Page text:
British Grand Tourists brought back a passionate love of all aspects of Italian culture. When Vauxhall Gardens opened to the paying public in 1729, it became a venue for lavish entertainments. This included the masquerade, also known as ‘ridotto’ (from the Venetian gambling salons where visitors wore masks to conceil their identities). London’s passion for masquerades was initiated by Swiss-born impresario Johann Jakob [John James] Heidegger who arrived in London at an unknown date, but who was involved in the introduction of Italian opera to the capital by 1707. He organised the first masquerade ball at the Haymarket Opera House and became the leading impresario of masquerades in the early part of the eighteenth century.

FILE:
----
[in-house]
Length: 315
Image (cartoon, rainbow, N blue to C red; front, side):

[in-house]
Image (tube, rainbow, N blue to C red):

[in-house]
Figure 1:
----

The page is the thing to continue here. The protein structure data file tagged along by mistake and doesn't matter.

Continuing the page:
He was succeeded by Theresa Cornelys, a Venetian singer, actress, and salonnière. Her subscription masquerades were held from 1763 at Carlisle House, Soho Square. To critics, these events were undermining British social norms. They were denounced by Edward Gibson, Bishop of London, who preached a sermon against them (1724); while artists and novelists such as William Hogarth, Henry Fielding, and Samuel Richardson condemned them as ‘foreign’ immoralities. The decline of Venetian fashions in Britain coincided with a more prudent morality towards sexual relationships emerging in the early nineteenth century.